So, I should finish off with something that many of us try to avoid, yet is a certainty for us all - death. Our protagonists are correct when they chastise the players on the fact that they really don't understand death. Sure, they are able to portray death in many ways, but there are two things that they can't do - make it authentic, and make it watchable. The chief player points this out when he tells the story of the actor who had been condemned to death for stealing a sheep. They managed to convince the authorities to have him die on stage, but it didn't work, because his knowledge that he was going to die meant that he was not able to get in character. As our protagonists point out, they cannot really portray death because once the character dies, the actor gets back up again. They aren't the characters, they are just actors playing a character - a fraud, a realistic fraud, but a fraud nonetheless.

The specture of death hangs over the play from beginning to end. Starting off with the absurdity of them tossing 95 heads on a coin in a row, to the final scene where pretty much everybody dies (with the exception of the players). Yet it is a dark comedy, and we are laughing all the way through. The play helps us come to terms with the certainty of death. Sure, it doesn't offer us hope, or meaning, because in the absurdist comedies there is no hope or meaning, but it puts a perspective on the world in which we live - death is a certainty, there is nothing we can do about it, so we might as well just learn to enjoy life, to have a laugh, and to simply accept the inevitable.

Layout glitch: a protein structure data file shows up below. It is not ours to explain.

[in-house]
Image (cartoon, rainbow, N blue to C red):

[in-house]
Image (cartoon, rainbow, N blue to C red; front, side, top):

However, one of the reasons that I can learn to love life, and to laugh, is because of my beliefs. However, the problem is that not everybody is in the position that I happen to be in - life is tough, and it is full of pain and heartache - we simply cannot expect people to simply laugh when a loved one is dying of cancer. However, I still believe that we are fooling ourselves if we live life as if there is no hope, and no purpose. I believe that there is a purpose, and while a majority of us happen to be bit players, having little to no power to change to course of events, we are reminded of the butterfly, the one whose wings flap that causes a hurricaine on the otherside of the world. You see, no matter how small a part we play, we all play a part, and we all have a purpose. The problem is that in most cases we simply will not see the impact that our actions will have in times to come.

Creative Commons License

Rosencrantz and Guildenstern are Dead by David Alfred Sarkies is licensed under a Creative Commons Attribution-NonCommercial-ShareAlike 4.0 International License. This license only applies to the text and any image that is within the public domain. Any images or videos that are the subject of copyright are not covered by this license. Use of these images are for illustrative purposes only are are not intended to assert ownership. If you wish to use this work commercially please feel free to contact me